It’s about democracy
This was the week that the three horsemen of the UK apocalypse rode north in tartan cagoules to hold hope to ransom. The fourth horseman, the former Prime Minister, prepared the ground the day before with his assurances of more (yet to be specified) powers.
The partisan pantomime of ‘He’s Behind You’ in the Polls would be a comic farce if it wasn’t such a shameful affront to the positive, civic engagement that has taken root in Scotland during the Independence Campaign thus far. The people of Scotland haven’t been meek observers of political grandstanding; we have been active agents of self-expression and self-determination. It’s been joyous and challenging and inspiring. We’ve seen a flattening of power and influence in our celebrity obsessed modern world. An undergraduate friend casually remarked to me that Noam Chomsky had emailed him asking for a recommended reading list to the IndyRef.
So it was with some irony that the pro-Union side of the campaign were the ones to hoist Saltires and declare outpourings of unrequited love this week. Hitherto, the campaign had been blissfully absent of Balmoral sentimentality. This debate was never about nationalism. It was, and is, about democracy.
In our age of sound-bites and press releases, this has felt genuine and exciting. Many of us found our voice. The playful creative expression (National Theatre of Scotland’s Five Minute Yes/ No/ Don’t Know plays, All Back to Bowies), the cross disciplinary explorations (Imagination Festival) and, most important of all, the gentle face to face conversations at bus stops, office water coolers and kitchen tables…. all references lost on the new Indy media experts fresh off the train from Kings Cross.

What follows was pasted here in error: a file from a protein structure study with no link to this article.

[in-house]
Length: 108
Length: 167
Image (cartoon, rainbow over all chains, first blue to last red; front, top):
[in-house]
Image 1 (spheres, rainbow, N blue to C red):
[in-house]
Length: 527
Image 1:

Mainstream media has woken up and started to take an interest in our Referendum. I don’t recognise the “divided nation” reported by the BBC or what The Observer journalist Alexander Linklater described as the “[atmosphere] tense, nervous and unimaginative”. For two years, the debate was dismissed as a northern joke, a distraction, a playful game of Scottish tribalism. And now that the polls have confirmed a too close to call result, we’ve been dealt a one week catch-up with frenzied hyperbole, day trips, photocalls and a possible courtroom wrangle if the results appear inconclusive. Rather, we could have had two thoughtful years of reconsidering UK-wide democracy. So very, very sad. Panicky, partisan politics is not the context in which to affirm the best constitutional structures to promote and protect our public service delivery and exercise of human rights.
You’re so vain, you probably think this vote is about you
So England is feeling bruised. It thinks the Yes campaign is an anti-English protest vote in which it doesn’t get a say. This fundamentally misunderstands the outward-looking, letting-go potential of a new Scotland freed from its underdog, victim-hood baggage. And I say this as a card-carrying Eastenders addict who lived in Brixton as a young child. To pit English against Scottish is crass and outdated. Scotland is the ultimate ‘mongrel nation’ and, given the full legislative powers to do so, would welcome a more mature relationship with its island neighbours and an immigration policy that protects the human dignity of the new arrivals that want to contribute to working and living in Scotland. Well, let England shake. Perhaps it is time for a shake-up of a system that election after election conserves the narrow interests of a crowded, priced-out southeast at the expense of redistributing wealth and opportunity.
Shock and awe
Many of us had already voted by postal ballot when the new devo-max offerings appeared as if by magic at the start of the week. I sense that many Labour Party politicians are uncomfortable, embarrassed even, to find themselves on the same campaign side as Nigel Farage, George Galloway and orange order marches. I cannot understand why yesterday’s Labour men share a platform with today’s Condem masters of ‘shock and awe’ campaigning (their words).The Scottish National Party used to be known as the ‘tartan Torys’ by those leaning to the left, or in our house, ‘The Silly Nose Pickers Party’. Now, gone is Labour of love.
Choosing to make Scotland your home, wherever you have traveled from or are heading to, entitles you to a say in this national debate. Yes/ No, win/ loose, the bigger prize is about democracy. The battle for participatory democracy and empowered civil society has already been won. A 97% voter registration and the predicated record-breaking voter turnout will prove this. And then we can get on with other things.